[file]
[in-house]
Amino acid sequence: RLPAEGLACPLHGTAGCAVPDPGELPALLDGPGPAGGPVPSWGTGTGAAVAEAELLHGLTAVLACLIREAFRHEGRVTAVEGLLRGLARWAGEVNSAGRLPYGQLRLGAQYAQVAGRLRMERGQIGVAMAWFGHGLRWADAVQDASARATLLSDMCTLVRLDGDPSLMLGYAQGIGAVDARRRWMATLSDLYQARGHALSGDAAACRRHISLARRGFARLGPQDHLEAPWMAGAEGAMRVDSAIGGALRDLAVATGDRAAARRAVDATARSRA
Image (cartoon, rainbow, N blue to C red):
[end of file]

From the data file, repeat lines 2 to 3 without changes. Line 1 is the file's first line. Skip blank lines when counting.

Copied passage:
Amino acid sequence: RLPAEGLACPLHGTAGCAVPDPGELPALLDGPGPAGGPVPSWGTGTGAAVAEAELLHGLTAVLACLIREAFRHEGRVTAVEGLLRGLARWAGEVNSAGRLPYGQLRLGAQYAQVAGRLRMERGQIGVAMAWFGHGLRWADAVQDASARATLLSDMCTLVRLDGDPSLMLGYAQGIGAVDARRRWMATLSDLYQARGHALSGDAAACRRHISLARRGFARLGPQDHLEAPWMAGAEGAMRVDSAIGGALRDLAVATGDRAAARRAVDATARSRA
Image (cartoon, rainbow, N blue to C red):